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Anti-drunkenness measures should target hotspots, Little India COI recommends

The Committee of Inquiry said it "does not think that the riot merits an island-wide ban on public consumption" of alcohol.

SINGAPORE: With alcohol deemed a "major contributory factor" to the Little India riot of Dec 8 last year, the Committee of Inquiry has supported stricter enforcement against public drunkenness, and the possibility of restricting consumption of alcohol at "hotspots" - defined as areas where large crowds typically indulge in heavy drinking.

"The COI does not think that the riot merits an island-wide ban on public consumption," the committee said in its report released on Monday (June 30).

The COI said more vigilant enforcement against public drunkenness in hotspots would help mitigate against the effects of excessive drinking, and in so doing reduce the possibility of a threat to public order. It would also deter individuals from becoming a public nuisance due to excessive drinking, such as by falling asleep in public areas or causing disturbances.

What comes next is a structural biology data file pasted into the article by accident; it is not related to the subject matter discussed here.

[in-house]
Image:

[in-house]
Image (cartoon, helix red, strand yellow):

The police should also explore less manpower-intensive approaches to enforcement, such as publicising the penalty, or even employing breathalysers while on patrol, the COI recommended.

The committee said it supported the concept of restricting the hours or places where people can publicly consume alcohol - though such a move should target "truly public areas" such as walkways and playgrounds, and not penalise eateries licensed to sell alcohol.

The COI noted that Ministry of Home Affairs is conducting a review and public consultation on the liquor regulatory framework.

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